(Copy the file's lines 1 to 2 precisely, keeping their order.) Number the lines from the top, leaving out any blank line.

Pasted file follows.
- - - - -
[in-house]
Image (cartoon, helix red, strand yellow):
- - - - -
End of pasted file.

[in-house]
Image (cartoon, helix red, strand yellow):